Modeling active matter systems with applications to cell dynamics
Update: 2016-02-02 13:41:32      Author:

Active matter is a class of materials that are driven out of equilibrium by energy input at the microscopic scale via biochemical or catalytic activities. As a result,   emergent dynamical structures may emerge such as long-range order, anomalous fluctuations, dynamical spatial-temporal structures and patterns, and dynamical phase transitions [1,2]. When coupled with regulatory signaling pathways, active matter systems are seen in living systems such as the cortical layer or the microtubule ensemble in the cytoskeleton of live cells and bacteria colonies [1,2].

Active particles in the active matter are generally anisotropic and can form ordered states at a sufficiently high concentration. The nature of the ordered state depends on both the configuration of the individual particles and the interactions among the particles. A class of active matter of these features is also known as the active liquid crystal, which may form liquid crystalline phases at sufficiently high particle concentrations or under strong particle-particle interaction. 

A useful theoretical framework for describing the collective behavior of active matter systems is a continuum model that generalizes liquid crystal hydrodynamics to include new activities due to the microscopic energy input. We have developed a general framework for deriving models for complex fluids based on the generalized Onsager’s principle [4]. This approach has been extended to include models for active matter.

Using the continuum hydrodynamic models, we have investigated systematically hydrodynamics of a polar active liquid crystal system and identified important roles played by the active viscosity and self-propelling speed on hydrodynamics of the active matter system. This study leads to the discovery of a rich set of emergent dynamical patterns in 2-D channel and cavity flows, including traveling waves as well as irregular oscillatory patterns (see Fig 1).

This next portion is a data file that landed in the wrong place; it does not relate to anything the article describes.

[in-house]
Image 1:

Fig 1. Irregular pattern (a)(left) and out-of-plan travel wave (b)(right).

In cells, two types of active matter systems coexist. One is the F-actin coupled with myosin motors and the other is the microtubule coupled with myosin motors. In a region adjacent to the cell membrane, known as the cell cortical layer, F-actin+myosins form the cytoskeleton to provide the mechanical support for the membrane and to regulate cell motion. In order to develop a whole cell model at the continuum level, active matter model is an ideal choice.

As a major application of the active matter modeling, we have developed a set of multiphase field models to describe cell motion on a substratum as well as cell mitosis, especially, cytokinesis. The basic ingredient in the multiphase models is depicted in Fig 2.


Fig 2. Portrait of a simple 3-phase cell model, where the cortical layer is modeled as an active liquid crystal phase.

Using this model, we can simulate cytokinesis of an eukaryotic cell with a very good precision. Fig 3a depicts the 3-D simulation and Fig 3b shows a comparison with the experiment on the radius of the neck. This model has been extended to study cell migration on substrate, cell oscillation and cell rounding.


Fig 3. 3D simulations of cytokinesis and comparison with experiment. A. (Left) 3D simulations. B. (Right) Radis predicted by the model and the experimentally measured radius at various time.

Cell modeling using active matter models is a promising direction with a great potential to produce accurate and versatile models to study various mecho-chemical mechanisms inherent in cells and explain various transporting phenomena including signaling through mechanical sensing.


1. S. Ramaswamy. The mechanics and statistics of active matter. Annu. Rev. Condens. Matter Phys.,1:323, 2010.

2. M.C. Marchetti, J.F. Joanny, S. Ramaswamy, T.B. Liverpool, J. Prost, Madan Rao, and R. Aditi Simha.

3. Hydrodynamics of soft active matter. Rev. Mod. Phys., 85:1143, 2013.Jia Zhao and Qi Wang, Modeling  and Simulations of Cytokinesis of  Eukaryotic Cells, International Journal for Numerical Methods in Biomedical Engineering, 2015.

4.Xiaogang Yang and Qi Wang, Structures and basic patterns in cavity flows of active liquid crystals:  Computers and Fluids, 2015.


CSRC 新闻 CSRC News CSRC Events CSRC Seminars CSRC Divisions 孙昌璞院士个人主页